An important part when applying stereotactic guidance is that the organ of interest is properly fixated. In the case of the liver, that not only means to fixate the patient but also reduce the motion of the liver due to breathing. The fixation of the patient is generally done using a vacuum mattress. Once the patient is under anesthesia, the vacuum mattress is pressed toward the patient and the vacuum applied. This will prevent the patient from moving on the CT table.
To minimize the motion of the liver due to breathing, there are a number of alternatives:
Apnea: where the ventilation is stopped on the ventilation device to hold a predefined air pressure inside the lung.
Tube disconnection: where the endotracheal tube is disconnected from the ventilation device and all air is exhaled from the lungs.
High-frequency jet ventilation (HFJV): where short pulses of small volumes of pressurized air are delivered with high respiratory rates. This technique of mechanical ventilation results in minimal movement of lung and abdominal organs and is feasible for long durations 
Apnea and tube disconnection are applied during the CT scans and during the needle placement, while during the rest of the procedure, normal ventilation is applied. Jet ventilation can be applied during the whole procedure or also only during the CT scans and the needle placement.
3.1.1 Marker for patient tracking
Before starting the procedure, the patient tracker has to be placed on the patient’s abdomen. Depending on the system, there are also specific requirements on how and where to place these markers for optimal accuracy of the system.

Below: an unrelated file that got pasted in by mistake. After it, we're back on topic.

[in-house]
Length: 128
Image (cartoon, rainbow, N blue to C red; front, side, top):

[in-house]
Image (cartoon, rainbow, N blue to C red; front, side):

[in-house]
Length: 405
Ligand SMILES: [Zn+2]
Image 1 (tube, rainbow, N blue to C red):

3.2 Trajectory planning
A trajectory for an ablation consists of a target point (the center of the tumor) and an entry point (entry on the skin) (Figure 5). Most ablation systems do not have their active center (the center of the ablation) at the tip. Therefore, the ablation system and the needle type can be selected, and the navigation system then computes a modified trajectory, such that the center of the ablation is in the center of the tumor. Additional to the trajectory, software guidance can also support the decision of the time and energy level to apply during the ablation. To avoid the puncture of blood vessels or other organs at risk, the navigation system presents a slice of the CT scan along the planned trajectory. This is especially useful in ablations in the superior segments where usually a sub- or inter-costal trajectory is required.